August is the sun. It is aureate light upon the garden floor illuminating the softened, verdant grass. I walk barefoot across the sward and think of home, of my gossamer curtains billowing in the gentle wind, my mother’s twinkling eyes as we sit on the balcony and watch the bougainvillea, my grandmother’s face as mango pulp stains her hands. In these memories I am safe; I exist in a glass house where no harm can touch me. For most of my life, August was Summer’s eleventh hour. Come September and October, the chill will creep in and force the sun to hide behind canopies of dark, the only light filtering through in dapples on frosted mud.
Now, we sit on the rocks of Stargazer Lawn in Barangaroo Reserve and look at the water. It is wine-dark, the setting sun painting the sea in shades of honey and crimson. The quiet settles around us like a blanket on a cold night. There is nothing to say, so we rest heads on heads and trace the contours of palm lines. This is familiar, I think, but not in a way where it has happened before. The boulders scrape against my fingertips as I draw circles on them, so I choose to take my art to the safety of his skin.
The worst of the Winter is behind us. It was odd for me to envision June and July as months that require extra blankets and steaming spiced apple tea, but that was merely my body’s loyalty to my Northern Hemisphere upbringing. I spend my days out in the sun; I walk to Circular Quay, I wander through Wendy’s Secret Garden and pose in front of purple flowers I cannot name, I sit on the docks near the water and sip iced matcha. So far, my health app tells me I’ve taken more steps in August than I have any other month in the year. Most of them have been taking me to watch the sun set over the sea.
Odes are my favourite genre of poetry because of their delicate descriptions of nature, their emphasis on the romantic, and my love for dedications. When I first conceived of this piece, I wanted to write an ode to August, in proper form and meter. I wanted to venerate August without having to confess anything. I spent days, weeks, researching the genre and the perfect poetic paradigm.
In her 2004 poem Celestial Music, Louise Glück writes, “the love of form is a love of endings.” But I’ve never liked to talk about endings. My first thought is always, why can’t it just be this, here, forever? When I first heard people talk about immortality, I thought they wanted to freeze at that specific point in time. I wanted to capture that in my writing — a romanticised version of August, a snapshot of all that is wonderful. Nothing more, nothing less.
Most poems about Spring emphasise revival and fresh beginnings; as the flowers start to bloom, hope of something new buds. But in A Self-Portrait in Letters, Anne Sexton writes, “I am in pain because the day is ending and I am never healing.” I think of this quote every Spring and reflect on my growth, which I have closely associated with learning to trust people and learning how to be vulnerable. In All About Love, bell hooks writes, “rarely, if ever, are any of us healed in isolation.” It is an act of communion, but I’ve never been good at being at the mercy of others.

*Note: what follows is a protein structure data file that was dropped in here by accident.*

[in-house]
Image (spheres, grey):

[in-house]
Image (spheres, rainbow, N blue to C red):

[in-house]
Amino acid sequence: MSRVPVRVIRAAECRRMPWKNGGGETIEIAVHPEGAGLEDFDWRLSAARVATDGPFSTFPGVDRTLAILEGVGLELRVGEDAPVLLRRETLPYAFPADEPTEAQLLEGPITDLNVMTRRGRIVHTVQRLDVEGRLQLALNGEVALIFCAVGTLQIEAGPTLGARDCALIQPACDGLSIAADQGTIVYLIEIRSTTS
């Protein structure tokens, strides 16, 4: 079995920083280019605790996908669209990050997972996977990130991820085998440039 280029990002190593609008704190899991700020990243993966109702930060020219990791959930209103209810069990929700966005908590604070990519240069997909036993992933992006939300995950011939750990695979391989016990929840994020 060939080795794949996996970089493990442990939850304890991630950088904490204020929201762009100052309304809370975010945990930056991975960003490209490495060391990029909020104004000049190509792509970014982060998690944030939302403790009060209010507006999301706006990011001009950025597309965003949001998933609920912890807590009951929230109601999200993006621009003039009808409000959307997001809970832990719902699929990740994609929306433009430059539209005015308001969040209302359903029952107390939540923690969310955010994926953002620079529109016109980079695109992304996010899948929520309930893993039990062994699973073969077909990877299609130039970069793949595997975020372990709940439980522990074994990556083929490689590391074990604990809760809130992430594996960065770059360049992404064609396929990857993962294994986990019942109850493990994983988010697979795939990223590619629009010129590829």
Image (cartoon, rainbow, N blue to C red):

I have been writing for as long as I can remember, but this March is the first time I’ve considered happier places to end my stories. It was difficult to accept that being happy was more poetic than being sad when there was so much more to pull from misery.
But happiness has its own quiet beauty to it; a beauty of comfort, peace and sweet dreams. In the fleeting sun of August, I write about the papaya-scented candle on my bedside table and how it’s the same shade as the pumpkin, sweet potato, and carrot soup my friend is experimenting with. I spend hundreds of words describing raspberry slushies and secret garden benches. I was scared of leaving parts of myself in places, in my writing, with people I’ve come to love; but perhaps this is part of the process of seeding love, leaving parts of you to blossom into something great.
As a result, I am a patchwork of everyone I’ve loved; I see my mother when I pray, and my father when I pick out something to eat. I cannot remember if my favourite television shows and books are such because they remind me of myself, or of the friends who introduced me to them. I dot my ‘i’s with circles because the girl who sat next to me in the seventh grade did the same, and I refuse to eat tomatoes some days out of solidarity with my best friend who is allergic.
I write myself a letter every August, the week before my birthday; and it is not to be opened until the following year. It is a secret tradition, one I’ve had since I was fourteen. I see it as a kind of reckoning, a promise to be better. Recently, I went back and looked at the letters I wrote when I was younger and harsher. They brimmed with bitterness and despair, and I hurt to think of a version of myself so insistent on inflicting pain.
There is no critical thinking in this year’s letter, no veiled attacks I expected myself to forget with time. It is filled with descriptive writing, with detailed accounts of little blue tea boxes, mornings spent writing in the company of silence, and walks across the bridge to Lavender Bay.
In 1880, Fyodor Dostoyevsky wrote, “I see the sun, and if I don’t see the sun, I know it is there. And there’s a whole life in that, in knowing that the sun is there.” For me, the sun is a reminder of the times I spent looking at the clouds, of the photos where she blinds me, and the relief I feel when I find a little patch to sit in. The sky is shrouded in darkness as I finish writing this, but the light from the full moon assures me of my company.